Image showing abstract nanoparticle structure

Measuring nanoparticle shell thickness

The use of chemically functionalised, coated nanoparticles is on the rise in a wide field of applications, including medical diagnostics, catalysis, and optoelectronics such as photovoltaic devices. However, industry required an ISO technical report as a first step to standardisation detail current best practice in the measurements of chemical surface properties and coating thickness (‘shell thickness’) of these core-shell nanoparticles.


Nanoparticles are becoming increasingly used in a wide range of areas, and thus are expected to soon have a significant economic and environmental impact. In health they are used for targeted drug delivery, and in the energy sector they are used in photovoltaic technologies to improve solar cell efficiency compared to conventional materials. Due to the wide range of fields that coated nanoparticles are used in, they are increasingly customised to have specific properties, thus increasing the need for accurate and traceable methodologies for nanoparticle characterisation.

This project built on the EMRP project BioSurf which first started developing analytical protocols for nanoparticles. The shell thickness and surface chemistry of coated nanoparticles can give valuable information about the behaviour of the nanoparticle, and how it interacts with its environment. The shell thickness of coated nanoparticles can be measured with electron spectroscopy, for example X-ray spectroscopy (XPS) or Auger spectroscopy (AES).

However, these measurements need to be reproducible and accurate, as well as consistent between different analysts and instruments. Before the ESCoShell project, there were no standards or technical guidelines regarding measurement of the shell thickness of coated nanoparticles.


The project worked through the International Organisation for Standardisation (ISO) to prepare a technical report, specifically within ISO Technical Committee 201 ‘Surface chemical analysis’.

The report describes the state-of-the-art methods for using electron spectroscopy to measure shell thickness, discusses their benefits as well as their limitations and offers guidance on choosing the appropriate method to conduct measurements of nanoparticle systems. Different electron spectroscopy methods, including XPS, AES and synchrotron techniques, are described and how they can be used to determine the shell thickness as well as the chemical composition of coated nanoparticles.

This information allows analysts in industry, academia and at national metrology institutes (NMIs) and designated institutes (DIs) to make appropriate choices when collecting and analysing spectroscopy data from coated nanoparticles. The project leader won an ISO excellence award for the publication of this ISO technical report.

This ISO document forms a basis for the development of future full, normative ISO standards providing exact methodology to be able to measure shell thickness and chemistry of core-shell nanoparticles using electron spectroscopy.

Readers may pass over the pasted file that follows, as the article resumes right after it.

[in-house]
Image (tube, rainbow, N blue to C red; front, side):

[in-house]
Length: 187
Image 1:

The ISO technical report 23173 provides guidance which helps enable industries to commercialise nanoparticle-based technologies more quickly and provide consumers with greater confidence in coated nanoparticle applications.

Additionally, having a better understanding of these features is helpful in the development of novel nanoparticle technologies, as well as researching future applications of coated nanoparticles. The full extent of the wider economic impact of nanoparticle-based technologies will become clearer in future years. The market potential of nanoparticle/nanocarrier based technologies in drug delivery is expected to exceed $130 billion (USD) in the next five years. Similarly, nanoparticle-based catalysts are expected to have a market size of approximately $30 billion (USD) in the next 10 years.

The ESCoShell project also has a positive environmental impact, as several nanoparticle-based technologies enable consumers and industries to use greener alternatives compared to conventional technologies, for example photovoltaic technologies or lighting and display applications. The new technical report will also help to create further impact from the EMRP project BioSurf, as it builds on their developments.

Image showing a 3D illustration of silver nanoparticles

Establishing accurate and traceable measurements of nanoparticle properties

The ESCoShell project developed the first ISO technical report detailing current best practice guidelines for measurements regarding nanoparticle shell thickness and surface chemistry. It gives an overview of various electron spectroscopy techniques that can be used for measurements of nanoparticle systems, as well as offering guidance for choosing the appropriate method.

The project published two open-access papers to communicate their findings with the wider scientific community. The first paper discussed characterisation techniques to detect nanoparticles with non-ideal coreshell morphologies, while the second paper focused on identification and quantification of non-uniform shell thickness and incomplete encapsulation. Additionally, the project presented at 15 European and international conferences, which included six invited talks that highlight the interest of the measurement community in this project.

These results will help aid the development of new normative standards on the measurement of core shell nanoparticles that now need to follow. It will help develop nanoparticle-based applications, as well as aid the commercialisation of existing technologies by increasing confidence amongst the consumers as well as the manufacturers.

  • Category
  • EMPIR,
  • Health,
  • Standardisation,
  • EMN Traceability in Laboratory Medicine,
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